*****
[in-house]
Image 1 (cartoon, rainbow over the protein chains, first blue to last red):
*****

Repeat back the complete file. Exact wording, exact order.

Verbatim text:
[in-house]
Image 1 (cartoon, rainbow over the protein chains, first blue to last red):